Data-set with the nominal specifications and efficiency estimations of HAWT wind turbines
2019-07-19T09:29:55Z (GMT) by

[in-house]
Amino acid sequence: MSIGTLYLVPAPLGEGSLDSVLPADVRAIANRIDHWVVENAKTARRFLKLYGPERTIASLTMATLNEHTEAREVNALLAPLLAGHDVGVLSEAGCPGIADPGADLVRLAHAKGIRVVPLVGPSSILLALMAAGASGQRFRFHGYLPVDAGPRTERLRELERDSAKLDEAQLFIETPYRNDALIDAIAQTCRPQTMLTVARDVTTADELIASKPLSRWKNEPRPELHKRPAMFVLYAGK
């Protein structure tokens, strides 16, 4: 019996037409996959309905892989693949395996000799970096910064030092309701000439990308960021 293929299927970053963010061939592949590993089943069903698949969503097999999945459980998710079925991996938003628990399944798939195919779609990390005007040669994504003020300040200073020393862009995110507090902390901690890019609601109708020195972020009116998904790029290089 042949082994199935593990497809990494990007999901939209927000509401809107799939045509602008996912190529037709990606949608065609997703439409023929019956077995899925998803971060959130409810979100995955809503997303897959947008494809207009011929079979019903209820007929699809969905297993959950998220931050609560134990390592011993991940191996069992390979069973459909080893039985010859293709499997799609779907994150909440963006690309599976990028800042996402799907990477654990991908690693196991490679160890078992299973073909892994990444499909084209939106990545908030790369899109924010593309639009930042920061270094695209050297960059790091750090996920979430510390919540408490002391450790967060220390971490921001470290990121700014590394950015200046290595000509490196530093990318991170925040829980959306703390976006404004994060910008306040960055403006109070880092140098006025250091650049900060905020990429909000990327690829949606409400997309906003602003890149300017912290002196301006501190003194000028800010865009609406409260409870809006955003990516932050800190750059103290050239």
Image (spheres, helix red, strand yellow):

A data-set of 176 commercialized HAWT Wind Turbines (WTs) was gathered with the intention to explore and validate possible statistical models for estimating efficiency and feasible hub heights. With respect to Small Wind Turbines (SWTs), this work assumes as trustworthy the information related to Power Curves when it is originated from certification reports or third-party testing studies. Certification sources were taken from Intertek Testing Services NA, Inc. (16 WTs); the Small Wind Certification Council (SWCC) (12 WTs); SGS Tecnos (1 WT); GL Garrad Hassan's WINDTEST (1 WT); and the Danish Technical University (DTU) (1 WT). The third-party testing studies were taken from the National Renewable Energy Laboratory (NREL) (5 WTs); the Wulf Test Field study (4 WTs); the Warwick Wind Trials Project (4 WTs); the “Small Wind Turbine Performance in Western North Carolina” study (4 WTs); the Zeeland report (3 WTs); the USDA-Agricultural Research Service (1 WT); and the Sustainable Technologies Evaluation Program (STEP) (1 WT). The other 123 WTs of the data-set were taken from publicly available information delivered by Wind Turbine brands assumed to be trustworthy. These “Trusted” WTs range from a minimum Diameter (D) of 13m to a maximum D=190m (amsc Seatitan 10MW) and with a mean D=78.5m. The information of 93.5% of these WTs was provided by the well-known brands: Vestas Wind Systems (20 WTs); ENERCON GmbH (20 WTs); Fuhrländer AG (11 WTs); Gamesa (10 WTs); Nordex (10 WTs); Siemens Wind Power GmbH (9 WTs); GoldWind (8 WTs); AMSC's Windtec Solutions (7 WTs); General Electric Renewable Energy (7 WTs); Northern Power Systems (5 WTs); NEG Micon (5 WTs); and LagerWey (3 WTs). By exploring the sources described here, a data-set of 176 commercial WTs was developed. For every turbine, the data-set includes the corresponding values of diameter, efficiency and rated efficiency. The value of the hub height was also gathered whenever possible. The data-set was divided into a group of 101 WTs for exploring statistical trends with the efficiency and 75 WTs for validating the models proposed. As the information related to commercialized towers was not always available, the set for exploring trends related to the hub height is composed of 94 WTs for the development of statistical models and 66 WTs for their validation.